When third-year digital management major Nicki Lovizio stepped away from their middle school soccer team, they told themselves it was because they just didn’t like playing it anymore. Now in college, after distancing themselves from sports, they had a stark realization: they didn’t hate the game, they just hated the heteronormative culture that often surrounds athletics in general.
At the start of the fall semester, Lovizio along with fellow third-year general studies major Kristen Annabi founded New Paltz Queer Sports, an organization with the goal of giving LGBTQIA+ individuals in the town a place to feel safe playing games.
The group is not school-affiliated, meaning everyone in the community can partake in the open environment and meet new people who share their experiences. After creating an Instagram page, @npqueersports, establishing a playing field at Hasbrouck Park and getting rained out the week before, Queer Sports finally held their first match on Sept. 17.
“We both played soccer growing up and both quit for the same reason, so we knew we wanted our first game to be soccer,” Annabi said. “Nicki made a really cute flyer, printed out copies and put them all around campus. We handed them out to people everywhere we could.”
The co-organizers were impressed with the turnout for the soccer match, with around 30 people showing up to the park. When players got to the field, they were divided into teams by birthdays — those celebrating theirs in the next six months were on one side, while everyone else went on the other. The organization does not pick team captains before the games in order to ensure that no one is ever picked last.
Even though the majority of attendees wanted to play, some chose to hang out on the sidelines, cheering players on and displaying homemade posters from the bleachers; one read “Yay Queer Sports!”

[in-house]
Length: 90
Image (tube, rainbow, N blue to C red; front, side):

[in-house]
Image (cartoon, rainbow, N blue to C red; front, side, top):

“We sort of just gauge it by how many people show up,” Lovizio said. “If more than 10 people show up, we’re like, ‘Okay, this is a real game.’ We do [teams] by birthdays because we don’t want it to just be a friend group versus another friend group. We want it to be about making new friends.”
The games go on until one team scores a certain amount of points, or as the weather gets chillier, until everyone gets cold. The organization is currently searching for an indoor space to use so games can continue throughout the winter. Some games that Queer Sports attendees want to play next include ultimate frisbee, football and “nuke ‘em.”
Lovizio was pleased that others felt the same way they did as participators finally got to play sports in an accepting environment. “I remember someone saying after the first game that they felt like they had also played soccer for their whole life and they were like relearning how to love a sport that did them dirty. Most sports do queer people dirty, and we end up quitting around middle school or high school.”
“I think [the goal] for both of us is just a sense of queer community,” Annabi said. “It’s never about winning the game, but just the idea of going and playing with a bunch of people in your community. We’ve had a lot of people that we’ve never met come to our games and it’s nice, because we didn’t know this person. We would not be playing with this person, but we gave ourselves a space where we could.” For more information about the next Queer Sports match, follow @npqueersports on Instagram.